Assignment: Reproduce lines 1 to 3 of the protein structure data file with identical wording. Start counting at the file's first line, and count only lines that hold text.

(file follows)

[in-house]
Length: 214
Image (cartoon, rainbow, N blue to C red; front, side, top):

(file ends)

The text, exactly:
[in-house]
Length: 214
Image (cartoon, rainbow, N blue to C red; front, side, top):